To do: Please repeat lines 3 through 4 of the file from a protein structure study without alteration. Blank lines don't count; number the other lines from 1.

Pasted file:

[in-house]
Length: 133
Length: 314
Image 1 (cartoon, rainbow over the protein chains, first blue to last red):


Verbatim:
Length: 314
Image 1 (cartoon, rainbow over the protein chains, first blue to last red):